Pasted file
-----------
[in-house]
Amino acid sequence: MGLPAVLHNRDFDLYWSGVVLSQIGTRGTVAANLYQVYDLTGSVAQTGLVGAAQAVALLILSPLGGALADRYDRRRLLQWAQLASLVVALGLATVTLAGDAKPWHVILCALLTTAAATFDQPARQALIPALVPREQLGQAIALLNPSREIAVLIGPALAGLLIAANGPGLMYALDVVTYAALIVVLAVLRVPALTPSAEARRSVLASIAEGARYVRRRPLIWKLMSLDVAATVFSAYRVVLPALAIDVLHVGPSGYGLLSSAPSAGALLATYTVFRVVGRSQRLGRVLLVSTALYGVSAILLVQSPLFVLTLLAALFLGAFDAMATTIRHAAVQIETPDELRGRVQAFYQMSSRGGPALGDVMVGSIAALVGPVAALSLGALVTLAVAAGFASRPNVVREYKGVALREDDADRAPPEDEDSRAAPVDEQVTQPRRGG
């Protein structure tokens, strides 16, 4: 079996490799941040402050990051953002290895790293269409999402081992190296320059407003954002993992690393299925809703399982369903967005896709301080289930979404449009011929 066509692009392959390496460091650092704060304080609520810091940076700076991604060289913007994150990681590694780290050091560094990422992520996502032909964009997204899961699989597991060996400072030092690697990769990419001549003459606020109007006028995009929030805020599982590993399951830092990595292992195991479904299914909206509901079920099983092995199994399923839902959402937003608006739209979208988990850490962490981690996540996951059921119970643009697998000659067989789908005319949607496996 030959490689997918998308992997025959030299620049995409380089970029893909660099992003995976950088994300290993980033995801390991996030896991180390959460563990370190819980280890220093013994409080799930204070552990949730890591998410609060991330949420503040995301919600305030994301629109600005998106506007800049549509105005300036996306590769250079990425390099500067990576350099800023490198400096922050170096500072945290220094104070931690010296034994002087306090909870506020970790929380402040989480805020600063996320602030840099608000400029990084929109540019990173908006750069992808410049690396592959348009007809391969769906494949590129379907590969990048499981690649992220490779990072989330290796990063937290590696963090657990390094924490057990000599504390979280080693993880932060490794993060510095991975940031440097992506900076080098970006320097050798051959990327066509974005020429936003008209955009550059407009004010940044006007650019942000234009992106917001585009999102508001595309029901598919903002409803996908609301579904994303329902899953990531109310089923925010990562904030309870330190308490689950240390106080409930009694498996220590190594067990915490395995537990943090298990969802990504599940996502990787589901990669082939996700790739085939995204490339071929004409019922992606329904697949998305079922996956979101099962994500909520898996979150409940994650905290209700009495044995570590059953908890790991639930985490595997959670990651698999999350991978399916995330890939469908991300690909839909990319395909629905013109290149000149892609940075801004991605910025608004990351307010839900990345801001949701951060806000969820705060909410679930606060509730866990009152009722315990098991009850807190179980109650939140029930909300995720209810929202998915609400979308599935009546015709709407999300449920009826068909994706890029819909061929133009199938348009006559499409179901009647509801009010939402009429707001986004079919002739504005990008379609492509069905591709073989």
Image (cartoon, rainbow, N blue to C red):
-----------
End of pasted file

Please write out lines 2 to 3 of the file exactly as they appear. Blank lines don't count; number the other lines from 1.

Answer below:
Amino acid sequence: MGLPAVLHNRDFDLYWSGVVLSQIGTRGTVAANLYQVYDLTGSVAQTGLVGAAQAVALLILSPLGGALADRYDRRRLLQWAQLASLVVALGLATVTLAGDAKPWHVILCALLTTAAATFDQPARQALIPALVPREQLGQAIALLNPSREIAVLIGPALAGLLIAANGPGLMYALDVVTYAALIVVLAVLRVPALTPSAEARRSVLASIAEGARYVRRRPLIWKLMSLDVAATVFSAYRVVLPALAIDVLHVGPSGYGLLSSAPSAGALLATYTVFRVVGRSQRLGRVLLVSTALYGVSAILLVQSPLFVLTLLAALFLGAFDAMATTIRHAAVQIETPDELRGRVQAFYQMSSRGGPALGDVMVGSIAALVGPVAALSLGALVTLAVAAGFASRPNVVREYKGVALREDDADRAPPEDEDSRAAPVDEQVTQPRRGG
């Protein structure tokens, strides 16, 4: 079996490799941040402050990051953002290895790293269409999402081992190296320059407003954002993992690393299925809703399982369903967005896709301080289930979404449009011929 066509692009392959390496460091650092704060304080609520810091940076700076991604060289913007994150990681590694780290050091560094990422992520996502032909964009997204899961699989597991060996400072030092690697990769990419001549003459606020109007006028995009929030805020599982590993399951830092990595292992195991479904299914909206509901079920099983092995199994399923839902959402937003608006739209979208988990850490962490981690996540996951059921119970643009697998000659067989789908005319949607496996 030959490689997918998308992997025959030299620049995409380089970029893909660099992003995976950088994300290993980033995801390991996030896991180390959460563990370190819980280890220093013994409080799930204070552990949730890591998410609060991330949420503040995301919600305030994301629109600005998106506007800049549509105005300036996306590769250079990425390099500067990576350099800023490198400096922050170096500072945290220094104070931690010296034994002087306090909870506020970790929380402040989480805020600063996320602030840099608000400029990084929109540019990173908006750069992808410049690396592959348009007809391969769906494949590129379907590969990048499981690649992220490779990072989330290796990063937290590696963090657990390094924490057990000599504390979280080693993880932060490794993060510095991975940031440097992506900076080098970006320097050798051959990327066509974005020429936003008209955009550059407009004010940044006007650019942000234009992106917001585009999102508001595309029901598919903002409803996908609301579904994303329902899953990531109310089923925010990562904030309870330190308490689950240390106080409930009694498996220590190594067990915490395995537990943090298990969802990504599940996502990787589901990669082939996700790739085939995204490339071929004409019922992606329904697949998305079922996956979101099962994500909520898996979150409940994650905290209700009495044995570590059953908890790991639930985490595997959670990651698999999350991978399916995330890939469908991300690909839909990319395909629905013109290149000149892609940075801004991605910025608004990351307010839900990345801001949701951060806000969820705060909410679930606060509730866990009152009722315990098991009850807190179980109650939140029930909300995720209810929202998915609400979308599935009546015709709407999300449920009826068909994706890029819909061929133009199938348009006559499409179901009647509801009010939402009429707001986004079919002739504005990008379609492509069905591709073989």